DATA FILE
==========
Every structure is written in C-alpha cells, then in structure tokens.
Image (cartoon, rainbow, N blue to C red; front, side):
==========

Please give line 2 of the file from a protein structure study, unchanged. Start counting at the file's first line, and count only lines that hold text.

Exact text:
Image (cartoon, rainbow, N blue to C red; front, side):